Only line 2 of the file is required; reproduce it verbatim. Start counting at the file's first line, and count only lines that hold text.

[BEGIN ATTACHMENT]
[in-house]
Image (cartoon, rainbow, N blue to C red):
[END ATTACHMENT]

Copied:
Image (cartoon, rainbow, N blue to C red):